Needless to say, I was a trifle embarrassed, being used to thinking that the whole proof of and means for spiritual advancement was fasting. I tried to compensate by making incredibly senseless and difficult arrangements. For instance, I wouldn’t eat lunch with the devotees but would spend that time reading Bhagavad-Gita. As a result of this, I was incredibly hungry at night and would eat three or four lunches right before the evening program of aratika and Bhagavad-Gita class which I would usually sleep through being so stuffed. Gradually, I began to crawl out of my shell and started to perceive something of the real world.

New Vrindaban was incredible. It was very, very intense. In the city there are so many adjustments, even in a temple, to counteract all your little problems. Too cold, turn up the thermostat. Hungry, check out the refrigerator. Have to go somewhere, get in the car. All these devices are there. Of course, there’s always some breakdown. So life is a series of trying to fix the things which make it easy to do what you have to do. In new Vrindaban, there was a startling absence of some basic gadgets I had lived with all my life. Like hot water faucets, flush toilets, bathtubs, sidewalks, gas furnaces, and electric ranges. In addition to that there was an overabundance of exposure to the elements: cold, wind, rain, mud, hunger, darkness and so forth. It was a whole different style of living.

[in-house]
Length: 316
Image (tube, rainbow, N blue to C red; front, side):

It wasn’t so fast moving, like jump in the sankirtan van, drive fifty miles, gel out and run around trying to talk to a few hundred or thousand people, get back in the van, ride home, jump in the shower and go to aratrika. It was more like put on your shoes, which were frozen from standing outside all night, walk over to the bath house where then gel your shoes thawed out, then walk out lo the woods and cut down trees with a two-man saw and carry logs back to the farm on your back. Once a week, Paramananda would even bring the horses out and haul in a whole sled full!